A “medium-sized company” can either have staff of 51 to 200 employees or 101 to 250 employees, and a turnover less than or equal to Dh200m or Dh250m, again depending on whether the business is in the trading, manufacturing or services sectors. 

What is the definition of an SME?

SMEs in the UAE are defined by the number of employees, annual turnover and sector. For example, a “small company” in the services industry has six to 50 employees with a turnover of more than Dh2 million up to Dh20m, while in the manufacturing industry the requirements are 10 to 100 employees with a turnover of more than Dh3m up to Dh50m, according to Dubai SME, an agency of the Department of Economic Development.

A “medium-sized company” can either have staff of 51 to 200 employees or 101 to 250 employees, and a turnover less than or equal to Dh200m or Dh250m, again depending on whether the business is in the trading, manufacturing or services sectors. 

What is the definition of an SME?

SMEs in the UAE are defined by the number of employees, annual turnover and sector. For example, a “small company” in the services industry has six to 50 employees with a turnover of more than Dh2 million up to Dh20m, while in the manufacturing industry the requirements are 10 to 100 employees with a turnover of more than Dh3m up to Dh50m, according to Dubai SME, an agency of the Department of Economic Development.

A “medium-sized company” can either have staff of 51 to 200 employees or 101 to 250 employees, and a turnover less than or equal to Dh200m or Dh250m, again depending on whether the business is in the trading, manufacturing or services sectors. 

What is the definition of an SME?

SMEs in the UAE are defined by the number of employees, annual turnover and sector. For example, a “small company” in the services industry has six to 50 employees with a turnover of more than Dh2 million up to Dh20m, while in the manufacturing industry the requirements are 10 to 100 employees with a turnover of more than Dh3m up to Dh50m, according to Dubai SME, an agency of the Department of Economic Development.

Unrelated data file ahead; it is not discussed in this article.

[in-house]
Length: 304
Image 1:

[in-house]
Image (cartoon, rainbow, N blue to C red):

A “medium-sized company” can either have staff of 51 to 200 employees or 101 to 250 employees, and a turnover less than or equal to Dh200m or Dh250m, again depending on whether the business is in the trading, manufacturing or services sectors. 

What is the definition of an SME?

SMEs in the UAE are defined by the number of employees, annual turnover and sector. For example, a “small company” in the services industry has six to 50 employees with a turnover of more than Dh2 million up to Dh20m, while in the manufacturing industry the requirements are 10 to 100 employees with a turnover of more than Dh3m up to Dh50m, according to Dubai SME, an agency of the Department of Economic Development.

A “medium-sized company” can either have staff of 51 to 200 employees or 101 to 250 employees, and a turnover less than or equal to Dh200m or Dh250m, again depending on whether the business is in the trading, manufacturing or services sectors. 

What is the definition of an SME?

SMEs in the UAE are defined by the number of employees, annual turnover and sector. For example, a “small company” in the services industry has six to 50 employees with a turnover of more than Dh2 million up to Dh20m, while in the manufacturing industry the requirements are 10 to 100 employees with a turnover of more than Dh3m up to Dh50m, according to Dubai SME, an agency of the Department of Economic Development.

A “medium-sized company” can either have staff of 51 to 200 employees or 101 to 250 employees, and a turnover less than or equal to Dh200m or Dh250m, again depending on whether the business is in the trading, manufacturing or services sectors. 

What is the definition of an SME?

SMEs in the UAE are defined by the number of employees, annual turnover and sector. For example, a “small company” in the services industry has six to 50 employees with a turnover of more than Dh2 million up to Dh20m, while in the manufacturing industry the requirements are 10 to 100 employees with a turnover of more than Dh3m up to Dh50m, according to Dubai SME, an agency of the Department of Economic Development.

A “medium-sized company” can either have staff of 51 to 200 employees or 101 to 250 employees, and a turnover less than or equal to Dh200m or Dh250m, again depending on whether the business is in the trading, manufacturing or services sectors. 

What is the definition of an SME?

SMEs in the UAE are defined by the number of employees, annual turnover and sector. For example, a “small company” in the services industry has six to 50 employees with a turnover of more than Dh2 million up to Dh20m, while in the manufacturing industry the requirements are 10 to 100 employees with a turnover of more than Dh3m up to Dh50m, according to Dubai SME, an agency of the Department of Economic Development.

A “medium-sized company” can either have staff of 51 to 200 employees or 101 to 250 employees, and a turnover less than or equal to Dh200m or Dh250m, again depending on whether the business is in the trading, manufacturing or services sectors.